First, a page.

The coffee tree (caffaea arabica) belongs to the same botanical family as the tiny partridge berry found in our northern woods, the familiar button bush of the country roadside, and the gardenia.

COFFEE BEANS AND BLOSSOMS.

COFFEE BEANS AND BLOSSOMS.

Native Home

It is native to Abyssinia, western Africa, and perhaps western Arabia, though it has now been naturalized in a large number of tropical countries. It blooms eight months in the year and with its small fragrant, white blossoms in the axils of the glossy evergreen leaves, it presents an attractive appearance. The ripe coffee berry is dark in color and is a pulpy fruit, somewhat resembling a cherry. The berries have two cells, each containing a single seed, the coffee bean. Three gatherings of coffee are generally made annually. The ripe fruit is dried and then freed from skin and pulp, usually by machinery.

In the east a decoction is frequently made of the unroasted seeds, while in some places the leaf of the tree is used for preparing a drink; and it is said that in the Sultan's coffee the dried pulp of the berry is employed.

Roasting

The roasting of coffee so generally practiced, is chiefly for the purpose of developing its flavor and rendering the beans brittle so that they can be more easily ground, though it has other effects also. Coffee is imported from Mocha, Java, Ceylon, Maracaibo, Porto Rico, and other countries. But 75 per cent of that used in this country comes from Brazil. Our Mocha and Java mixtures are simply different kinds of berries from the same plant.

Preparation

Coffee, unlike tea. may properly' be prepared either as an infusion or a decoction; that is, it may be extracted without boiling, or it may be boiled.

Constituents

The important constituents of coffee are caffeine and caffetannic acid, and caffeol, the oil that gives the fragrant aroma and flavor. Caffeol is developed by the process of roasting while the amount of caffeine is lessened. Sugar is present in considerable amounts, and most of this is caramelized in the roasting. Fat also is found, sometimes to as much as 15 per cent, and proteid to about 10 per cent. A comparison of the composition of tea and coffee is given below:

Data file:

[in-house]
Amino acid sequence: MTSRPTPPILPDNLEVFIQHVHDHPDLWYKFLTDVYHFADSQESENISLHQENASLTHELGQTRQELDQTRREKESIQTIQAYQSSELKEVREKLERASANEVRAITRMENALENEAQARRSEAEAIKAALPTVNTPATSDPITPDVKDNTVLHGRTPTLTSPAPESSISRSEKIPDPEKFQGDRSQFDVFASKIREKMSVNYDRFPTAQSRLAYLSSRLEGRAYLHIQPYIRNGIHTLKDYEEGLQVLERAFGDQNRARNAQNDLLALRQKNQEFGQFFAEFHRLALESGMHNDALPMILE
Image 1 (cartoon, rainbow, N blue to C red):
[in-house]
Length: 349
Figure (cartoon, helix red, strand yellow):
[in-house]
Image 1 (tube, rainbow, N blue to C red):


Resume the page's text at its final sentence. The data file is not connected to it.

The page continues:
PICKING COFFEE BERRIES.

PICKING COFFEE BERRIES.

Percentage Composition Of Coffee

Raw.

Roasted.

Moisture ................

8.98

0.63

Caffeine .........................

1.08

0.82

Saccharine matter ...................

9.55

0.43

Caffeic acid.......................

8.46

474

Alcoholic extract...

6.90

14.14

Fat and oil........................

12.60

13.59

Lugumin and albumen.............

9.87

11.23

Dextrin ...........

0.87

1.24

Cellulose and insoluble coloring matter.........................

37.95

48.62

Ash ................

374

4.56

Percentage Composition Of Tea

Unprepared Leaves.

Green Tea.

Black Tea.

Caffeine or theine.........

.... 3.30

3.20

3.30

Ether extract ............

.... 6.49

5.52

5.82

Hot-water extract ........

... .50.97

5374

47.23

Tannin (as gallolannic acid)

. .12.91

10.64

4.89

Other nitrogen-free extract

....27.86

31-43

35.39

Crude protein...

....37.33

37.43

38.90

Crude fibre...

... .10.44

10.06

10.07

Ash ....................

... . 4.97

4.92

4.93

Nitrogen...

• ••• 5.97

5.99

6.22

Composition Of Decoctions

This does not give a fair estimate of the composition of the drinks since we use more coffee to the cup than tea. Hutchison finds that a cup of black coffee contains nearly the same amount of caffeine and tannin as a cup of tea. This depends, of course, very largely upon the methods of preparation. It is generally considered that with our ordinary methods that less tannin is present in coffee than in tea.

Coffee Berry And Leaf, Natural Size.

Coffee Berry And Leaf, Natural Size. From Bulletin No. 25, Division of Botany- U. S. Department of Agriculture.

Adulterants

The adulterants of coffee are many. One of the commonest is chicory. In France this is often used in order to add a desired flavor. Other adulterants that have been found are roasted peas, beans, wheat, brown bread, charcoal, red slate, and dried pellets consisting of ground peas, pea hulls and cereals held togethei with molasses. These are met with only in ground coffee. Although at one time artificial coffee beans were manufactured to some extent, they are said to be seldom found today. The adulteration of un-ground coffee consists rather of the substitution or admixture of cheap or inferior varieties. A simple rough test for the detection of adulteration in coffee consists in shaking some of the sample in cold water. The pure coffee usually floats on the surface while most of the adulterants sink, the grains of chicory coloring the water a brownish red as they fall. Sometimes adulteration can be detected if ground coffee is spread out upon a paper and examined with a magnifying glass. A better protection is afforded, however, by purchasing the coffee unground.